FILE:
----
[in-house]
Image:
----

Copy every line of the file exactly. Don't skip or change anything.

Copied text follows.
[in-house]
Image: